You just don’t have the draw power to play like Control.  I knew this format was too suicidal for most aggro decks (Aside from maybe Blitz, our teammate did well with an all-60 creature build that consistently killed on turn 3), so I didn’t want to have this deck lose its top end.  You also need to be able to answer the aggro decks.  While they might not be in the top 8, you’re not going to make it there if you can’t beat them, especially in game 1 where they often try to “steal” a game.  We needed more removal.  I like Brimstone Volley as a card, but in the original stock list it was extremely clunky alongside of Reckoner and Phoenix.  Since both Zach and I hadn’t liked Reckoner (more on that later), I decided to just do a straight cut – Ash Zealot goes in, Reckoner comes out.  The Stonewrights, the Cacklers, and the Chandras who were underperforming got cut too, as most of the time you just want to pillar something on turn one or play a Mutavault.  I replaced these with the four Bonfire of the Damned and four Brimstone Volley.  I looked at the list on my smartphone staring back at me in the harsh light of our dark hotel room.  THIS WAS THE LIST.

Big Red by John Galli

4 Ash Zealot
4 Chandra’s Phoenix
4 Hellrider
4 Thundermaw Hellkite

3 Burning Earth

4 Pillar of Flame
4 Searing Spear
4 Brimstone Volley
4 Bonfire of the Damned

19 Mountain
4 Mutavault
2 Cavern of Souls

Sideboard
3 Mizzium Mortars
3 Electrickery
3 Ratchet Bomb
2 Rolling Temblor
2 Chandra, Pyromaster
2 Zealous Conscripts

If I were to change anything and play tomorrow, I would cut 1 Electrickery, 2 Rolling Temblor, and 1 Chandra, Pyromaster.  In their place, I would put 3 Boros Reckoner and 1 Ratchet Bomb.  I really wanted something more resilient against Jund, and Reckoner just seems like he’s that card.  But maindeck I wanted to be fast, even against Jund, and I wanted to make sure the deck could turn on the jets against the rest of the field, especially aggro.  We had way too many board cards against aggro, so I think cutting the numbers where I’ve suggested would keep it good enough that you’ll be able to handle them most of the time.  You have so much burn, that it’s rare they get ahead of you unless they have the nut draw with Burning-Tree or Gather the Townsfolk.  Control didn’t seem like a very tough matchup between the Caverns, the hasty threats, the burn, and Chandra’s Phoenix, so having access to just a single Chandra out of the board is fine I think.  Zealous Conscripts comes in too, as it can steal planeswalkers or the one or two creatures they play and it’s another haste creature.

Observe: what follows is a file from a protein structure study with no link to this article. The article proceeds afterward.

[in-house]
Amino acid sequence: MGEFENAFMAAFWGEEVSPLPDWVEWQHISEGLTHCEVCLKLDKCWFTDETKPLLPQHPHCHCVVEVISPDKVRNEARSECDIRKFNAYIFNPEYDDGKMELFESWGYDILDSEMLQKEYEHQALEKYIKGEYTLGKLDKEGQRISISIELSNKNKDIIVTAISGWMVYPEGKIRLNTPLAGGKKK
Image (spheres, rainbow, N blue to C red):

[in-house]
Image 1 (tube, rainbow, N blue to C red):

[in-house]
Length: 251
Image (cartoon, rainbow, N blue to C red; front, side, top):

The Tournament

I won’t go into full detail about the matches, I’m just going to try and highlight important parts and situations.

Round 1 vs Jund Aggro (Win; 2-0)

This matchup, the plan is much like it is with other aggro decks.  Sit back, kill every creature they play with burn, and then play your big cards that they can’t race.  If they stumble and you can play Ash Zealot or get in a few cracks with Mutavault, do it.  The plan worked great, although the first game was pretty scary because we just both kept dropping threat or burn every single turn until I finally played double Hellrider and killed him.

One important sideboarding note is that you can cut the early threats (like Zealot) and the Burning Earths.  These cards are better replaced by the sweepers and spot removal in the sideboard, as then your deck truly plays like Big Red Control allowing your strategy to work to its fullest potential.

1-0

Round 2 vs Aristocrats with Thatcher’s Revolt (Win; 2-0)

Since my team had two guys playing this deck, I was very familiar with what they could do.  It turns out he was playing 57 of the same 60 cards that my teamates had, so the games went as I expected.  I knew which guys of his to kill, with Champion, Blood Artist, Cartel, and Falkenrath being the biggest problems.  Game 1 I had the play and raced him with Zealot into Phoenix into Hellrider into Thundermaw.  He had a strong opener with Champion, Thatcher’s Revolt, and Falkenrath, but all my cards were faster in this case and trumped his.  Thundermaw actually killed his Falkenrath, and the burn in my hand gave me the reach needed to win.  Electrickery is an all-star in this matchup as well.